African Union plans to fight illicit financial flows and harmonize continental tax policy
The global economy has plummeted since the COVID-19 pandemic hit the world in early 2020. While African countries focus on their post-COVID-19 recovery and economic reconstruction, the global tax rules will have implications on Domestic Resource Mobilisation (DRM) as they refer to profit allocation, tax incentive policy design, and combatting Illicit Financial Flows.
The African Union Commission, through its Department of Economic Development, Trade, Tourism, Industry, and Minerals (ETIM) organized the first meeting of the Sub-Committee on Tax and Illicit Financial Flows (IFFs) of the AU Specialized Technical Committee on Financial, Monetary Affairs, Economic Planning and Integration from 6 to 8 April 2022 in a Hybrid format in Harare, Zimbabwe. The meeting was held under the theme: Tax Incentives – Implication of the Global Tax Reforms for Africa.
The meeting was organized with an overall objective to facilitate discussion on the implications of the global tax reforms for African countries’ tax incentives regimes. In addition, the STC had discussed the frameworks to effectively curb trade-related illicit financial flows to achieve sustainable development on the continent. According to UNCTAD (2020), Africa loses about US$88.6 billion in illicit capital flight every year – equivalent to 3.7 per cent of the continent’s gross domestic product.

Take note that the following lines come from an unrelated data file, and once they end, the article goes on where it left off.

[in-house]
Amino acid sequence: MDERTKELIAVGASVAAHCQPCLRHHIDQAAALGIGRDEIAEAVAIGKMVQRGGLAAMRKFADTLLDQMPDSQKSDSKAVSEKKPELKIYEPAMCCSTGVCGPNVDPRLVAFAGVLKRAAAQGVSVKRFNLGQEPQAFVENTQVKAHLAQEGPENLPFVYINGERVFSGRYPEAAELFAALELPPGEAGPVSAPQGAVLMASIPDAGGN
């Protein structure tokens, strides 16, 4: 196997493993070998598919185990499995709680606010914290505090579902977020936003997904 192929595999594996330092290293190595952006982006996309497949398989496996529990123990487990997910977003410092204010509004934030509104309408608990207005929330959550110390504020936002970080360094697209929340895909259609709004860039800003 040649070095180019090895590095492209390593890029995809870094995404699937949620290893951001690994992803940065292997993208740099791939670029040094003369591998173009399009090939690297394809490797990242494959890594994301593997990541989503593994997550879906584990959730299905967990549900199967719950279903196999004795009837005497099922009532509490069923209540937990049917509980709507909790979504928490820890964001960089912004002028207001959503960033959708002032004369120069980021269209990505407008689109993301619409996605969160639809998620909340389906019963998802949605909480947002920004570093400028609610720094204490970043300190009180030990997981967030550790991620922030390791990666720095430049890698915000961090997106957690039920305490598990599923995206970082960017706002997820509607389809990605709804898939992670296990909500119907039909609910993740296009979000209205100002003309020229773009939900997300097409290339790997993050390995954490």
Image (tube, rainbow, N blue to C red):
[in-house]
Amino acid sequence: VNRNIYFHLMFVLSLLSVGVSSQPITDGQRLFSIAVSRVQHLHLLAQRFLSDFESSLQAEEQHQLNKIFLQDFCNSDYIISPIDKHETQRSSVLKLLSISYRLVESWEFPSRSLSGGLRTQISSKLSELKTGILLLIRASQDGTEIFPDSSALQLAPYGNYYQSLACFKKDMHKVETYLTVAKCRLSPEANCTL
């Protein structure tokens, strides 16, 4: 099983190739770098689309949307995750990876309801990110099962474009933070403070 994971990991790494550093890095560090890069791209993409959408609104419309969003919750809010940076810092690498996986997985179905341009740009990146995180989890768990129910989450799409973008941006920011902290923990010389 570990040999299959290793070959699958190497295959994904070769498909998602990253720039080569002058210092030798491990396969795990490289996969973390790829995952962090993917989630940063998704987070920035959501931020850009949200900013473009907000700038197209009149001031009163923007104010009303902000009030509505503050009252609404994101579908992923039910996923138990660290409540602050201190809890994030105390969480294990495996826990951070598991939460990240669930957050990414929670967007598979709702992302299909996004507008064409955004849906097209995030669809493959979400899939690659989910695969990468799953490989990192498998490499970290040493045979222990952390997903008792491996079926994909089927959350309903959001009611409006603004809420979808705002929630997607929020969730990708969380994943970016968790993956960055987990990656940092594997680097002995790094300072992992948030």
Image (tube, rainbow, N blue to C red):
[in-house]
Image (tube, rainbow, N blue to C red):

In his opening remarks, Ambassador Albert Muchanga, Commissioner, Economic, Development, Trade, Tourism, Industry and Minerals, recognized the Republic of Zimbabwe for the warm reception and hospitality accorded to all delegations since their arrival in the beautiful city of Harare.
He stressed that IFFs have become a major concern because of their scale and the negative impact they pose toon Africa’s development and governance agenda. He said that IFFs are damaging African economies and impact overall capital outflows and ultimately increasing corruption, undermining governance, shrinking tax revenues and expediting global organized crime.
The Chairperson of the Meeting of the Sub-Committee, Mr Raymond Nazar, Deputy Head, International Economic Policy Unit, Ministry of Finance of Ghana in his statement highlighted the importance of developing a harmonized continental tax policy to collectively address a variety of tax matters including the new global tax rules and tax incentives. He also emphasised the implication of the new tax rule on Domestic Resource Mobilization (DRM) that has a direct effect on profit allocation, tax incentive policy design, and combatting Illicit Financial Flows. He said,” It is crucial that tax matters are discussed at a continental level in order to protect African Taxing Rights as well as strengthen DRM to contribute to the realization of Agenda 2063, “The Africa We Want”.
The African Tax Administration Forum (ATAF)’s Acting Executive Secretary, Ms Mary Baine, expressed ATAF’s concerns regarding the tax incentives that drain the revenue needed by countries and the new global tax rules that have an implication of a double loss for the country. “The minimum effective tax rate agreed by the Inclusive Framework has lowered the minimum effective tax rate that all multinationals will pay to at least 15%. The African Union Commission and ATAF pushed for at least 21%, citing that the causes of commercial IFFs will not be deterred at a rate much lower than the average tax rates on the continent”. She further stressed the importance of an African Union Strategic Approach to combating IFFs and the development of the draft tax strategy for the continent. – African Union.